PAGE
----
Religious distress is at the same time the expression of real distress and the protest against real distress. Religion is the sigh of the oppressed creature, the heart of a heartless world, just as it is the spirit of a spiritless situation. It is the opium of the people. The abolition of religion as the illusory happiness of the people is required for their real happiness. The demand to give up the illusions about its condition is the demand to give up a condition that needs illusions. The criticism of religion is therefore in embryo the criticism of the vale of woe, the halo of which is religion. Criticism has plucked the imaginary flowers from the chain, not so that man will wear the chain without any fantasy or consolation but so that he will shake off the chain and cull the living flower.
"The Challenges of Postmodernism", chap.14 in Passionate Conviction, eds. Paul Copan and William Lane Craig (B&H Academic, Nashville : 2007), p.210.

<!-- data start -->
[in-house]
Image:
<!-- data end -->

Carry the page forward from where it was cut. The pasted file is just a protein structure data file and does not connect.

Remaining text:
[P]ostmodernism leads to the institutionalization of anger. Postmodernists are preoccupied with power struggles that surround language use and social practice, and they see themselves as part of a missionary movement to liberate powerless, oppressed victims from dominance. They often practice a "hermeneutics of suspicion" in which they interpret body language, speech, and written communication not in terms of the communicators' own intentions but in terms of their attempt to victimize and dominate "the other" as understood according to the postmodernists' interpretive agenda (e.g. feminism, gay rights, and so forth). To be sure, power issues are a legitimate aspect of language, though one hardly needs postmodernism to see this. But by making power struggles and victimization a central focus of the postmodern crusade, the movement dignifies anger by institutionalizing it and placing it on ideological high ground, and it creates anger by fostering relational suspicion according to which there is a victimizer under every linguistic tree.